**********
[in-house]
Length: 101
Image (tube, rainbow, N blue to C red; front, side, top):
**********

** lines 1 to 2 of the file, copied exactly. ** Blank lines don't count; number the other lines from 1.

[in-house]
Length: 101